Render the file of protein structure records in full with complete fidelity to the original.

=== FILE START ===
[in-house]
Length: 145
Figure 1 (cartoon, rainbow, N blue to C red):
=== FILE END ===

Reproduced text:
[in-house]
Length: 145
Figure 1 (cartoon, rainbow, N blue to C red):